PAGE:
"This was always on the cards that we'd get it done when we had all the background work done on refugee centres and a host of other things," he continued.

PM Jacinda Ardern made the announcement today. Source: 1 NEWS

New Zealand's refugee quota was previously 1000, after being increased by the National-led Government from 750 in 2016.

The new quota will take effect from July 2020. 

Major points

- There will be six new settlement locations, on top of re-establishing Christchurch as a settlement location.

- Expanding the public housing supply for 150 extra refugee families is expected to cost $32.5 million over three years.

- Budget 2018 included money to build new accommodation blocks at the Mangere Refugee Resettlement Centre  

The NZ First leader said the increase was “always on the cards”. Source: 1 NEWS

TODAY'S
FEATURED STORIES

New Zealand's refugee quota jumps to 1500 per year from July 2020, Government announces

New Zealand’s refugee quota will be raised to 1500, Prime Minister Jacinda Ardern announced today. 

It was previously 1000, after being increased by the National-led Government from 750 in 2016.

"It is the right thing to do," said Ms Ardern. 

"It puts New Zealand much more in line with the humanitarian policies of other developed countries."

Deputy PM Winston Peters said the increase was "about people, not about politics and controversy". 

The NZ First leader said the increase was “always on the cards”. Source: 1 NEWS

The new quota will take effect from July 2020. 

Major points

- There will be six new settlement locations, on top of re-establishing Christchurch as a settlement location.

- Expanding the public housing supply for 150 extra refugee families is expected to cost $32.5 million over three years. 

- Budget 2018 included money to build new accommodation blocks at the Mangere Refugee Resettlement Centre 

ONN 1 News at 6 promo image
For more on this story, watch 1 NEWS at 6pm. Source: 1 NEWS

Background

Yesterday, Ms Ardern told media she wanted to see the current quota increased but a sticking point has been the vastly different policy positions of Labour's Government partners. 

Labour pledged to raise the quota to 1500 and the Green Party aimed for a quota of 5000.

Earlier this month NZ First's Winston Peters told media in Nauru that the focus needed to be on New Zealanders struggling at home.

"We have 50,000 people who are homeless back home and I can show you parts of Northland where people are living in degradation," Mr Peters said, while being questioned at the Pacific Islands' Forum.

National's Simon Bridges said yesterday if the refugee quota was lower than 1500 it would be a demonstration of "Winston Peters undermining the Prime Minister".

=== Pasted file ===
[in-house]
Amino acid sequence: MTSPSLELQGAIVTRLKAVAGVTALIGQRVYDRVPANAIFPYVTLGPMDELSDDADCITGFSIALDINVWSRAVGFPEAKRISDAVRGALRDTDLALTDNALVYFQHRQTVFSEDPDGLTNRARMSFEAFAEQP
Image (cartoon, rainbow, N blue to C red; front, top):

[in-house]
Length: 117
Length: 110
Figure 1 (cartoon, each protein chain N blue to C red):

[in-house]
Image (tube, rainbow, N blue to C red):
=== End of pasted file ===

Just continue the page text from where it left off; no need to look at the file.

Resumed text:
"If you look at the Prime Minister's rhetoric she's made great play about being a globalist, a progressive with soaring rhetoric on these issues.

"It's all very well to do the photo ops, the international pieces, but when you've got important questions like this back home that... [are] now are up in the air because of a lack of unanimity and cohesion."

PM Jacinda Ardern made the announcement today. Source: 1 NEWS


Don Brash says Massey's Vice Chancellor should consider resigning after email dump

Former National Party leader Don Brash is calling for Massey University's vice-chancellor to consider her position, saying it's "almost untenable".

The university prevented Dr Brash from speaking at its Manawatū campus last month.

He was due to give a speech about his time in politics, but vice-chancellor Jan Thomas cancelled the talk for security reasons.

The university had cited a Facebook post on 3 August that linked to the event page and included the comment "take a gun".

Documents obtained under the Official Information Act contain correspondence to and from Ms Thomas in the run-up to the cancellation.

In one email, on 9 July, the vice-chancellor said she did not want a "te tiriti led university to be seen to be endorsing racist behaviours".

On 10 July, Ms Thomas emailed to say she would like to know the options for banning the politics club from holding events on campus.

She said the "racist behaviour of Dr Brash - given te reo is an official language of NZ and we are a tiriti-led university - can't be ignored".

Speaking from China, Dr Brash said he considered Ms Thomas' position almost untenable and told RNZ that he believes she was "totally misleading".

"Quite frankly, I don't know if she can stay in her position."

Dr Brash has previously said he believed it was his views, rather than safety concerns, that led to him being banned from the publicly-funded university.

The documents also contain many emails sent to the university objecting to its cancellation decision.

- By Amy Williams

rnz.co.nz

Massey University vice-chancellor Jan Thomas and Don Brash Source: rnz.co.nz